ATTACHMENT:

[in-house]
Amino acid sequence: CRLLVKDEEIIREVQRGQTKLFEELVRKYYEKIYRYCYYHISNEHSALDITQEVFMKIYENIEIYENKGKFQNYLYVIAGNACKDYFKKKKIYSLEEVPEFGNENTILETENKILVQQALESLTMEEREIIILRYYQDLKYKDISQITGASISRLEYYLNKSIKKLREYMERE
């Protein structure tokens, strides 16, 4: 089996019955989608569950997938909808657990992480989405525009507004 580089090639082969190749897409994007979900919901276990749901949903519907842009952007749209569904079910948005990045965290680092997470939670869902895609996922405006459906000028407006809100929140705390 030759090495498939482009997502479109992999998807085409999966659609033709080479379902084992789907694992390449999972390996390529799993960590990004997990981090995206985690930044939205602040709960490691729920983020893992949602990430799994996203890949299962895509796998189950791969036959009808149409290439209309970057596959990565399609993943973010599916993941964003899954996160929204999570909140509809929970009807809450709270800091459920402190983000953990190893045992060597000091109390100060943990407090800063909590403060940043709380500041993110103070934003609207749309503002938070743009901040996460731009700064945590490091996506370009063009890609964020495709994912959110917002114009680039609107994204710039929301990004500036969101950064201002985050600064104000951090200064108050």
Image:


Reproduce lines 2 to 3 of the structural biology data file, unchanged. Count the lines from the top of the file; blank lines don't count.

Amino acid sequence: CRLLVKDEEIIREVQRGQTKLFEELVRKYYEKIYRYCYYHISNEHSALDITQEVFMKIYENIEIYENKGKFQNYLYVIAGNACKDYFKKKKIYSLEEVPEFGNENTILETENKILVQQALESLTMEEREIIILRYYQDLKYKDISQITGASISRLEYYLNKSIKKLREYMERE
């Protein structure tokens, strides 16, 4: 089996019955989608569950997938909808657990992480989405525009507004 580089090639082969190749897409994007979900919901276990749901949903519907842009952007749209569904079910948005990045965290680092997470939670869902895609996922405006459906000028407006809100929140705390 030759090495498939482009997502479109992999998807085409999966659609033709080479379902084992789907694992390449999972390996390529799993960590990004997990981090995206985690930044939205602040709960490691729920983020893992949602990430799994996203890949299962895509796998189950791969036959009808149409290439209309970057596959990565399609993943973010599916993941964003899954996160929204999570909140509809929970009807809450709270800091459920402190983000953990190893045992060597000091109390100060943990407090800063909590403060940043709380500041993110103070934003609207749309503002938070743009901040996460731009700064945590490091996506370009063009890609964020495709994912959110917002114009680039609107994204710039929301990004500036969101950064201002985050600064104000951090200064108050």